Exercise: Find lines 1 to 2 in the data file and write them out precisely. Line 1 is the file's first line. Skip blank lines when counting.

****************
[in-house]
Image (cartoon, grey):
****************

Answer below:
[in-house]
Image (cartoon, grey):